When trying to get back on schedule after such long travel, I need some distractions to fill the weird waking hours and ease back into the normal busy lifestyle. A good book is essential. I’m currently locked into a recent gift, Not the Same Sky, and some light entertainment – that’s where I’ve re-engaged with the three Ingebrigtsen brothers, via a YouTube documentary made for Norwegian TV, Team Ingebrigtsen.

It’s like a mini soap opera and compulsive viewing now that we’ve worked out how to get English subtitles for the next four episodes.

The other place where I need to get all my ducks in a row is in the kitchen. This is my happy place, but like everything else the reset button is on to help find my way. The summer salads are tucked away for another few weeks, big pots of soup the quick solution and inner heater each day.

Like everything in life and in sport, so often the challenges we faced, which appear overwhelming, become so much more achievable when broken down to small pieces. A pen and paper to make a list while flicking through the recipe books, so much easier to go to the shop with a purpose and a list.

Limerick joy

Once settled back in to normal life, it was also about rekindling with my sporting activities, beginning a world away with the joyous scenes at Croke Park last Sunday, when Limerick surprised many by raising the Liam MacCarthy cup.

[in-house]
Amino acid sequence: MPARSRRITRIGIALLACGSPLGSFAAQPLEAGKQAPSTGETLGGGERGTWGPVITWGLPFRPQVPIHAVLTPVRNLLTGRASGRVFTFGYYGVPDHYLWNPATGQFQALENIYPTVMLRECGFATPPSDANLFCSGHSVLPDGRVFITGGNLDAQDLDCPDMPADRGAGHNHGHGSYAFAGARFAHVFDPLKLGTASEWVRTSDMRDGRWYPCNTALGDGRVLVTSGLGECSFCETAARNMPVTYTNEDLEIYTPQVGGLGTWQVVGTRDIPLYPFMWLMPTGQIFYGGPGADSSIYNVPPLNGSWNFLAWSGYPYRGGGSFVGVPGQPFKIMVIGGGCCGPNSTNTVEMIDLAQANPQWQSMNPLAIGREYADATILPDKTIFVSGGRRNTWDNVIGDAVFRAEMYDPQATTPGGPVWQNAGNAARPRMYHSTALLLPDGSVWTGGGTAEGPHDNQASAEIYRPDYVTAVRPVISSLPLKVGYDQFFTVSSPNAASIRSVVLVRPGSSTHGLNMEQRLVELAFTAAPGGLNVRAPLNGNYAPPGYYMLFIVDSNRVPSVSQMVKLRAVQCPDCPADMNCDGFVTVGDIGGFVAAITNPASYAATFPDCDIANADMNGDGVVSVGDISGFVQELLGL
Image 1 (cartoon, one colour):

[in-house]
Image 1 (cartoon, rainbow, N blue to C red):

I didn’t get to see the game live, but was very pleased to wake up and see green shirts all over the Twitter feed, then catch all the colourful articles in the papers.

I used to spend quite a bit of time in Limerick, in the physio rooms of Ger Hartmann on Patrick Street in the city centre, so definitely they were my favoured team.

I met someone I knew in the lounge in Abu Dhabi on the opposite flight path to me, heading back for the game. It showed how much it meant, with people flying all the way back from Australia to be there for the All-Ireland final, no doubt a memorable trip of a lifetime.

There was this fearlessness about the Limerick team, which in ways reminded me of the Ingebrigtsen brothers and how they compete. In the documentary, their father and coach is often perplexed by injuries and how there is no real template to follow when breaking boundaries.

You just have to take risks and see how far you can push things. There are no rules for the outliers; just going for it with no fear of failure for a chance of success beyond what seems possible.

Opportunities and chances come along and you just have to take them and not think chances will be greater when you are older, fitter, faster or more mature. There is no better time than the present to just go for it, take the rewards that come your way, and worry about the future when you get to it. 

Many people out there are operating on the long-term plan or the gradual progression – neither a guaranteed plan of success. As close as it was in the end, Limerick took their chance when it came, and the rest is history.